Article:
ECPN Webinar on April 23rd on Conservation Education, Outreach, and Advocacy

The Emerging Conservation Professionals Network (ECPN) is pleased to announce that our fourth webinar – “Get Involved! Conservation Education, Outreach, and Advocacy Webinar” – will take place on Wednesday, April 23rd from 12:00-1:00pm EST.
The program will feature three speakers with experience working in various aspects of conservation education, outreach, and advocacy: Teresa Myers, private practice conservator who participated in the American Alliance of Museum’s Museum Advocacy Day in 2011; Richard McCoy, an arts and cultural consultant with an established history of writing for digital and print publications, teaching in graduate programs, and creating innovative web projects; and Sarah Barack, private practice conservator and co-chair of AIC’s K-12 Educational Outreach subcommittee.
Participants will have the opportunity to ask questions before and after the webinar here on the AIC blog, as well as during the webinar in a Q&A session. Please submit your questions as comments to this post, or email them to Anisha Gupta at agupta[at]udel[dot]edu. Questions will be accepted until the morning of the webinar, during which  your questions will be posed anonymously. All unanswered questions at the end of the program will be addressed in an AIC blog post following the webinar.
Attendance is free and open to all AIC members. Registration is required and will be open until the webinar begins on April 23rd. To register, please visit https://www2.gotomeeting.com/register/898099178.
In addition to this webinar, ECPN has hosted three webinars in the past that address a diverse group of subjects. To view two of the programs, please see the links below. The recording of ECPN’s third webinar, “How to make the most of your pre-program internship,” which featured two speakers with experience supervising pre-program interns, Emily Williams and Thomas Edmondson; and two speakers with more recent experience as pre-program interns, LeeAnn Gordon and Ayesha Fuentes is forthcoming.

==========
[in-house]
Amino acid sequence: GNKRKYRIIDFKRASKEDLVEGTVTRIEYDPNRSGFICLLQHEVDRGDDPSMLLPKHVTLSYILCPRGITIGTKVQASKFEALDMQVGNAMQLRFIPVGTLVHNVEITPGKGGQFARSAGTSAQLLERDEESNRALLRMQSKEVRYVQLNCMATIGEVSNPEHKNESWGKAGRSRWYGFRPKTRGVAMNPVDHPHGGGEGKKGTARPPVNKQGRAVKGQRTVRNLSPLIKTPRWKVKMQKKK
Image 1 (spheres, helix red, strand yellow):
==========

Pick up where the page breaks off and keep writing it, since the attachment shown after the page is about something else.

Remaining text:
Self-advocacy and fundraising for independent research” with Debra Hess Norris, July 2012.
Follow-up Q&A to “Considering your future career path: working in private practice” with Rosa Lowinger, Julia Brennan, and Paul Messier, November 2012
For more information on ECPN’s webinar series, please visit www.conservation-us.org/ecpnforum.

How to Make the Most of Your Pre-Program Internship: About the Speakers

ECPN is getting excited for our upcoming webinar, “How to make the most of your pre-program internship,” featuring Emily Williams, Tom Edmondson, LeeAnn Barnes Gordon, and Ayesha Fuentes. The webinar will take place on Tuesday, September 24th from 12-1pm ET. To register for the program, please visit: https://www2.gotomeeting.com/register/766549178.